A very smartly located pub, IMHO — dinner outside, watching the waterfowl in the spring and summer would be really great.

The Cow Tower got its name (possibly, no one’s quite sure) from having been built in a meadow area called Cowholme (Cow Home, yes?). It served as a kind of artillery tower that housed cannon and other explodey stuff to help protect Norwich.

Bear taking a walk along the Norwich River Walk

Cow Tower (Bear for scale)

We also spotted what may be the northernmost bird condo in the world perched in one of the trees right by the Cow Tower. I have no idea who thought that birds would go for this, but as far as I could tell they were all using the ruins of the Cow Tower. That’s just like the English –go with the old stuff over new construction

Now taking applications for the fall of 2012

I’m pretty sure this is the lantern from Lantern Waste in The Lion, the Witch and the Wardrobe.

Carving on a park bench dedicated to an avid park walker and his faithful friend Sophie. (Not the first time we’ve seen a bench dedicated to a man and his dog.)

We headed out of town then before traffic could pick up and went to visit St. Olaves, an Augustinian priory in St. Olaves near the River Waveney. The priory was for Augustinian canons, which means they were priests living together and not monks, which made the order clerical rather than monastic. While there, I saw two of the brothers still working in the fields.

Brother Push-Me and Brother Pull-You, the Holy Llamas

OK, it’s not stained glass but it’s better than an empty arch

The undercroft of the structure is what it’s best noted for and it seems to have been reconstructed on the one exposed side in order to let it be sealed from the elements.

Interesting to see the cutaway to see what’s within the whitewashed walls.

The entire undercroft

Bear steered us over to Burgh Castle then, parking by a fish pond and then hiking out to see the Roman fort. This took us through the field in front of the fort where the vicus was found originally.A vicus was an informal camp settlement that usually sprang up around a military outpost (I think the word is from a more formal Latin term for a neighborhood) and eventually it could grow into an official town. The word vicus turned into “wick”, as in Gatwick, Ipswich and Norwich (so Norwich –> North village).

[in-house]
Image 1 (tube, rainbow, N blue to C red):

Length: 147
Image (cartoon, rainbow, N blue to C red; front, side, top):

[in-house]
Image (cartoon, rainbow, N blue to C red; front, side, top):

Open field before the fort walls

We met a number of people with dogs along the way which reinforced some observations I’ve been making about what the English consider to be a fantastically fun day out. Are you ready? Got a pencil? They go somewhere mildly historical and walk with the dogs. Probably take a picnic with them. Don’t get me wrong, I think this sounds great, especially if you’ve never left The Shire before. Today we met Yorkies, two obese Jack Russels and a whippet named Higgins.

The interior walls of the fort — the area it could enclose felt fairly large. Three walls are still standing but the fourth fell into the sea.

One really interesting point about the Roman forts in the coastal Norfolk area is that Norfolk used to be a lot more coastal than it is now.  The reason is that over the last 10,000 years there’s been a lot of change to the area and yes, some of it was due to climate changes (I’m not looking to start a debate, but folks, we used to have ice ages and currently we don’t — that counts). During the most recent significant ice age, the seabed between England and Europe was exposed as in there was no sea due to it being called off for glacier duty. So much was exposed that the British Isles were just the westernmost tip of Europe and that area now submerged was known as Doggerland. Eventually the water started coming back, slowly taking away the walk-able areas and England was cut off again. Some of Doggerland was still exposed though and was known as Dogger Island until it too was submerged at last. They’ve done dredging and found artifacts in the seabed (tools, weapons and even bone needles) from inhabited prehistoric times.